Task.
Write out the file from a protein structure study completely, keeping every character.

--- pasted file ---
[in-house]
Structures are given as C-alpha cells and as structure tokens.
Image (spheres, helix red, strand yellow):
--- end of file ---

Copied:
[in-house]
Structures are given as C-alpha cells and as structure tokens.
Image (spheres, helix red, strand yellow):